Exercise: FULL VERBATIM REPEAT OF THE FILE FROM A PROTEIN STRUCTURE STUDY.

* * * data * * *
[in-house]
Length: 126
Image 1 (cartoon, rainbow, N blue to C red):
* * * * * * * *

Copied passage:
[in-house]
Length: 126
Image 1 (cartoon, rainbow, N blue to C red):